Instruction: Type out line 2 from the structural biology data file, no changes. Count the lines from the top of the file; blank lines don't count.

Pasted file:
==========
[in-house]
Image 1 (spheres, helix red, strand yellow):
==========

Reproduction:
Image 1 (spheres, helix red, strand yellow):